On the mercilessly cold night of February 16th, I found myself in Queens, maneuvering through a long, black patch of ice like Howard the Duck in a drunken trance. It was the slippery slope I chose to walk just so I could catch a group of comedians, in a blacked out room, thrashing the Saved by the Bell episode “Running Zack,” which was thematically retitled to “Racist Zack” thanks to Coree Spencer and Taylor Gray. I was Bayside Myself.
I first saw comedian Coree Spencer doing her stand-up act at a free Sylvan Production apartment comedy show in Williamsburg, Brooklyn last summer. Not only did I love her routine, but I admired the manner in which she casually delivered a viciously quick-witted verbal backhand at a potential heckler in the audience. The crowded apartment bellowed in synchronized laughter and the heckler wisely chose to keep his yearning for crowd participation in check.
Well, since then, I’ve been stalking Spencer on Facebook, a turbulent experience altogether if, like myself, you decide to keep up with her notoriously comical status updates. Her latest profile picture confirms just that. Captured vividly in her eyes, flirting with the line between apathy and insanity, is the unabashed attitude in her comedic style, which is only slightly averted with the burning joint in her mouth. But, the unavoidable, grandstanding item in this selfie has to be the blue corkscrew glass dildo in her hand, accompanied with a suitable caption that reads: “me with my boyfriend.”
Still, funny pictures aside, I was able to keep up with Spencer’s professional shenanigans on Mark Zuckerberg’s cash cow, and that led me to discover Bayside Myself — the irreverent showcase that gives comedians a chance to reenact popular episodes of Saved by the Bell.
These humorous live stage readings are the unruly lovechild of Spencer and her friend, Taylor Gray, a self-described comedy nerd with a love for 90’s teen television shows. Recently, the duo took the show on the road, selling out tickets at SF Sketchfest 2014, the San Francisco comedy festival.
In New York, the flashbacks to Bayside High School take place at the Long Island City comedy haven the Creek and the Cave, just off the Vernon-Jackson stop on the 7 train, every third Sunday of the month.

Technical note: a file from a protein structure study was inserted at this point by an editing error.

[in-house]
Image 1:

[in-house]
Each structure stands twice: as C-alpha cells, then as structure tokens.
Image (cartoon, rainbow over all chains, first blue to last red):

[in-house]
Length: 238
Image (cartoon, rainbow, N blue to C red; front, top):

I was warned in the show’s description that lines would be changed and lines would be crossed. Good, I thought. For someone like myself, I found it appropriate and comforting, because I like crossing the line, it’s in my blood. Seriously, I wouldn’t be here if my parents didn’t cross the border.
“Gooooo Bayside!” That’s all I heard from backstage, before I saw a scene from a certain childhood movie emerge onto the projector screen, playing as a part of an introductory montage clip. It was the one with the seductive, free-spirited Native American girl, who made it a point to befriend and recondition her historically inaccurate love interest, an English captain, whose name was so generic it still makes me yawn.
Thinking back on the “Running Zack” episode, it is quite hilarious how inadvertently racist it was, especially when you consider that the entire plot was literally centered on a race. Those teen sitcom writers of the 90’s were quite transcendent, weren’t they?
Once everyone hit the stage, we were introduced to the cast of comedians and who they’d be playing on stage that night, something they themselves didn’t know until minutes prior to the reading.
Brett Osinoff played Zack Morris, Nate Fridson played Slater, Marcia Belsky played Screech, Myq Kaplan played Lisa, Myka Fox played Jessie, Chris Shmullivan played Kelly, Scotland Green played Mr. Belding, Spencer played Miss Wentworth and Katharine Heller played Chief Henry. Gray narrated the story and set the mood for this satirical journey into underlying racism in the 90’s.
There was something truly cynical about Myq Kaplan, a 35-year-old white male, playing the role of a black teenage female who discovers, with a cheery outlook, that she’s a descendant of slaves.
“After Abraham Turtle escaped from slavery (Turtles all the way up) he became a conductor in the Underground Railroad,” said Kaplan.
“They had subways during the Civil War?” asked Belsky who perfectly nailed the obnoxious role of Screech.
Turning to Belsky, Kaplan channeled the vivacious, black teenage girl deep inside of him, a la Miley Cyrus, and fully immersed himself into the role of Lisa Turtle, he quickly responded: “This is why I hate you.”
If Kaplan seamlessly fell into his role without a hitch, then Keller, a white female writer, actor and comedian, should not have had any trouble transitioning into a witty Native American man on the verge of an unexpected death.
“Hello! Chief Henry? I’m Zack Morris from Miss Wentworth’s class,” said Osinoff in the initial meeting between Chief Henry and Zack.
“You’re not here for gambling? Okay,” responded Keller.
She continued to shine as Chief Henry, with a little assistance from Fox, as Zack questioned why The White Man could not get along with the Native Americans.
“Why can’t the lion get along with the zebra? Why can’t the TMZ get along with the Kardashians? And, this is a real line: Why can’t the Arabs get along with the Israelis?”
“Timeout, I can field that,” yelled Fox. “No, I’m kidding. I’m a Jew, but I don’t keep up.”
The sixth episode of Bayside Myself came to end with a celebratory tossing of the script, which stood as a symbol of what this monthly parody is all about.
Featured image courtesy of New York Natives; Photographer: Enrique Grijalva